More problems at VA
The Trump administration has worked hard to make certain that veterans receive high-quality health care. Their service to our country warrants nothing less. U.S. Sen. Joni Ernst, herself a combat veteran, has been a leader in Congress in providing strong oversight of the Department of Veterans Affairs. The Iowa Republican’s own years in uniform make her ideally qualified to understand what veterans need.
Unfortunately, despite much improvement in the VA’s health care system, there are still problems. That was made clear by a disturbing report from the Government Accountability Office. The GAO found that Veterans Health Administration facilities aren’t doing an adequate job of screening and evaluating doctors and other health care providers before they are hired. The report concluded that some providers with a history of problems, which should have been identified, are being hired because that negative information isn’t being detected prior to their employment. That puts veterans at unnecessary and unacceptable risk.
Ernst has joined with a bipartisan group of U.S. senators to request an explanation by the VA of how it plans to address these major flaws in its hiring process. In a letter to the VA the senators wrote:
“Veterans Health Administration facilities lack adequate safeguards to ensure that veterans are not treated by providers who have a history of adverse actions against them related to providing substandard patient care, endangering public safety, substance misuse or unprofessional conduct. We urge you to take immediate action to correct this issue and to ensure quality care for veterans who have sacrificed much in the brave defense of our freedoms.”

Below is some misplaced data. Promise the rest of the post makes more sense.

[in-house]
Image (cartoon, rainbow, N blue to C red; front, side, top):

In addition to working with her colleagues to provide thorough oversight of the VA’s response to the GAO, Ernst has also introduced legislation designed to better protect veterans from substandard care the Ensure Quality Care for Our Veterans Act. According to information provided by the senator’s office, this bill requires that every health care provider hired by the VA with a revoked license undergo a third-party review of that provider’s care. If the review determines that a competent practitioner would have managed the veteran’s care differently, the veteran will be notified. This bill makes sense and deserves careful consideration by Congress.
Devoting appropriate resources to evaluating the education, training and work experience of physicians and other health care providers who are prospective hires is a top priority at all well-managed hospitals and health care facilities. Failures in that process can have dire consequences for patients. It is imperative that the VA address the major shortcomings identified by the GAO. There is no excuse for poor performance in carrying out this critical credentialing function.
Farm News commends Ernst for her aggressive oversight of the VA. She and her colleagues are right to be concerned about the GAO’s negative report. We are confident that she will accept nothing less than a robust and thorough response from the VA.
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